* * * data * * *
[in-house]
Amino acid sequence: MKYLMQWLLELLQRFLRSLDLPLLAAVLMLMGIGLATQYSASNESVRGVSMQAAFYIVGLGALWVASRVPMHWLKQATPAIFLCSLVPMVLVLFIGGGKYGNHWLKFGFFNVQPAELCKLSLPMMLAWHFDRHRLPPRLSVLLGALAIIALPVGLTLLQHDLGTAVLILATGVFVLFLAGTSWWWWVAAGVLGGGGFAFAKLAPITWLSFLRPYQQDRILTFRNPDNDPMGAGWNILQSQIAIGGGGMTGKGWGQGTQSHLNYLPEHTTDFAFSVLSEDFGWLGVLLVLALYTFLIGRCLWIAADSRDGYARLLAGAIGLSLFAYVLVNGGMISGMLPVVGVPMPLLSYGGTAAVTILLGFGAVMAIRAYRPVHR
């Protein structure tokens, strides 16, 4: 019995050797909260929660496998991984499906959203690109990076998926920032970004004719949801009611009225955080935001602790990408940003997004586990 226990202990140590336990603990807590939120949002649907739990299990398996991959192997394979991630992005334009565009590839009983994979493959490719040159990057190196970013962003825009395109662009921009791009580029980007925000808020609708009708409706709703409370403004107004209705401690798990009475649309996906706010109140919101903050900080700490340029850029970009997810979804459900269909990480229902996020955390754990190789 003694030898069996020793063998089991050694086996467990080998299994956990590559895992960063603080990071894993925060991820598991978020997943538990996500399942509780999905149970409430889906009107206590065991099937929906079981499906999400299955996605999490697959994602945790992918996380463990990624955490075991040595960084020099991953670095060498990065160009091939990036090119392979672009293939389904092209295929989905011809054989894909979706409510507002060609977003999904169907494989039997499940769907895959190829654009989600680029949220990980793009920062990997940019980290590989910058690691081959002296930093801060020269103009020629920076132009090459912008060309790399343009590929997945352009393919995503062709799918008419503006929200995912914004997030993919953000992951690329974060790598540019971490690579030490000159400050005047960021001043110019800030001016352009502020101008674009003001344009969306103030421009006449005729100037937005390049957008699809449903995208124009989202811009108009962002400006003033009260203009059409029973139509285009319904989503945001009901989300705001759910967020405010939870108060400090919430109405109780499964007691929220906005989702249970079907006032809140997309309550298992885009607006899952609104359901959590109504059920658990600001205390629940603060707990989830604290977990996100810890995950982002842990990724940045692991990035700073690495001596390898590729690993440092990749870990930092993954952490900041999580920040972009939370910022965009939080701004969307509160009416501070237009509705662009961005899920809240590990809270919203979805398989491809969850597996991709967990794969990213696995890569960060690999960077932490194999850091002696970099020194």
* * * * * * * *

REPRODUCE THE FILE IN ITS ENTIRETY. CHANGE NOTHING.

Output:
[in-house]
Amino acid sequence: MKYLMQWLLELLQRFLRSLDLPLLAAVLMLMGIGLATQYSASNESVRGVSMQAAFYIVGLGALWVASRVPMHWLKQATPAIFLCSLVPMVLVLFIGGGKYGNHWLKFGFFNVQPAELCKLSLPMMLAWHFDRHRLPPRLSVLLGALAIIALPVGLTLLQHDLGTAVLILATGVFVLFLAGTSWWWWVAAGVLGGGGFAFAKLAPITWLSFLRPYQQDRILTFRNPDNDPMGAGWNILQSQIAIGGGGMTGKGWGQGTQSHLNYLPEHTTDFAFSVLSEDFGWLGVLLVLALYTFLIGRCLWIAADSRDGYARLLAGAIGLSLFAYVLVNGGMISGMLPVVGVPMPLLSYGGTAAVTILLGFGAVMAIRAYRPVHR
């Protein structure tokens, strides 16, 4: 019995050797909260929660496998991984499906959203690109990076998926920032970004004719949801009611009225955080935001602790990408940003997004586990 226990202990140590336990603990807590939120949002649907739990299990398996991959192997394979991630992005334009565009590839009983994979493959490719040159990057190196970013962003825009395109662009921009791009580029980007925000808020609708009708409706709703409370403004107004209705401690798990009475649309996906706010109140919101903050900080700490340029850029970009997810979804459900269909990480229902996020955390754990190789 003694030898069996020793063998089991050694086996467990080998299994956990590559895992960063603080990071894993925060991820598991978020997943538990996500399942509780999905149970409430889906009107206590065991099937929906079981499906999400299955996605999490697959994602945790992918996380463990990624955490075991040595960084020099991953670095060498990065160009091939990036090119392979672009293939389904092209295929989905011809054989894909979706409510507002060609977003999904169907494989039997499940769907895959190829654009989600680029949220990980793009920062990997940019980290590989910058690691081959002296930093801060020269103009020629920076132009090459912008060309790399343009590929997945352009393919995503062709799918008419503006929200995912914004997030993919953000992951690329974060790598540019971490690579030490000159400050005047960021001043110019800030001016352009502020101008674009003001344009969306103030421009006449005729100037937005390049957008699809449903995208124009989202811009108009962002400006003033009260203009059409029973139509285009319904989503945001009901989300705001759910967020405010939870108060400090919430109405109780499964007691929220906005989702249970079907006032809140997309309550298992885009607006899952609104359901959590109504059920658990600001205390629940603060707990989830604290977990996100810890995950982002842990990724940045692991990035700073690495001596390898590729690993440092990749870990930092993954952490900041999580920040972009939370910022965009939080701004969307509160009416501070237009509705662009961005899920809240590990809270919203979805398989491809969850597996991709967990794969990213696995890569960060690999960077932490194999850091002696970099020194």